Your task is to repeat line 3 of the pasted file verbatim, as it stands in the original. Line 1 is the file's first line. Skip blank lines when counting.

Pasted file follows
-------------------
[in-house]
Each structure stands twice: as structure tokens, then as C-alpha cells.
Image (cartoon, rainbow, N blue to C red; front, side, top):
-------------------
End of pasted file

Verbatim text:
Image (cartoon, rainbow, N blue to C red; front, side, top):